The improvised device exploded near a Catholic church in the town of Sumisip on Basilan, an island were Al-Qaeda-linked Abu Sayyaf militants operate, local army spokesman Captain Jefferson Somera said.
Troops and police who responded to the emergency said the party was taking place at the residence of Manuel Casineros, a pro-government militiaman volunteer and driver for the church.
Police said the motive of the attack was not clear, although Casineros apparently had been helping authorities in protecting rubber plantation workers from extortion by armed gangs, including the Abu Sayyaf.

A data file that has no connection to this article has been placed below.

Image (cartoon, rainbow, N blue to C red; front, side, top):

Last year, Abu Sayyaf gunmen ambushed a convoy carrying plantation workers, killing six and wounding 22 in the same area.
Founded in the 1990s with seed money from Osama bin Laden, the Abu Sayyaf has been blamed for the country’s worst terrorist attacks, including kidnappings of foreigners and deadly bombings.
The government has said the group had degenerated into a crime gang with no clear ideology over the years, and its ranks falling to just over a few hundred.
Authorities said an Abu Sayyaf faction on a nearby island was believed to still hold a number of foreign as well as Filipino hostages, including two European birdwatchers and a Japanese treasure hunter.
In December, a Jordanian TV reporter held in captivity for 18 months claimed to have escaped from his captors.